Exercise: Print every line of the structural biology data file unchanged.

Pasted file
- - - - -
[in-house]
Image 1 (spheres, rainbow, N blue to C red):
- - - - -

[in-house]
Image 1 (spheres, rainbow, N blue to C red):